7 ways to be an effective parent

James Lehman explains how you can change the way you parent and why your child's behaviour has a better chance of improving when you do so.
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Updated on Apr 28, 2010 07:54 PM IST
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By James Lehman, New Delhi

Some parents are afraid that their child won't change no matter what they do. Many find themselves reacting automatically when their child behaves inappropriately; as soon as he acts out, they're yelling and screaming, or getting sucked into power struggles. And even when parents try something new, it's easy for them to get discouraged. Some try to do different things from time to time, but when these methods seem to be ineffective, they eventually give up. This is true especially if the behaviour has been a problem for years and they haven't been able to do anything about it.

I've found that if you don't really take the time to think your response through, you often wind up simply reacting to the things your children do - and not responding effectively. Many parents become frustrated with their child's behaviour and want to give a punishment right away. Unfortunately, doing this doesn't provide any effective training to the child; in the end, it's just not helpful.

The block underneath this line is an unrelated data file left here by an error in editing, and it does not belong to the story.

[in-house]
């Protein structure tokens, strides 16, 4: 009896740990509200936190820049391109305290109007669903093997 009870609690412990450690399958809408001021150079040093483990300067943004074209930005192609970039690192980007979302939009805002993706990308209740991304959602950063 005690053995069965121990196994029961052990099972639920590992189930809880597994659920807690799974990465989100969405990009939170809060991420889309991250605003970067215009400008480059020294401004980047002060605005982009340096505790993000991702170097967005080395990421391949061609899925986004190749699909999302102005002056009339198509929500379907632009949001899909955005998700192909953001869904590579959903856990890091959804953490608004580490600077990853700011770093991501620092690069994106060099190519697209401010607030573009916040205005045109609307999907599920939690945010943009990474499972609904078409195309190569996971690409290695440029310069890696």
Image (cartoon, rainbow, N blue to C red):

There's a big difference between the words 'react' and 'respond'. When you react, it's almost like a reflex - your buttons are pushed, and you go into your routine. But if you're responding, you're being more objective. You're still going to hold your child accountable, but you have more time to consider the consequence you'll give him and what you want him to learn from it - and there's less of a chance you'll take your child's behaviour personally.

To anyone who asks the question, "Is it too late to change my parenting style?" I would say that it's never too late. It may not always be easy, but there are effective things you can start doing right away to change the way you respond - and to improve your child's behaviour.

Here are seven ways to start parenting more effectively

Decide what you want to work on first: One of the things I see with parents is that they don't know where to start. But I think it's simple: start with the things that put your child at risk. These are the behaviours that are physically or emotionally dangerous to your child. I think parents should address the things that violate their values and morals, and that are risky to the child and others. Start there.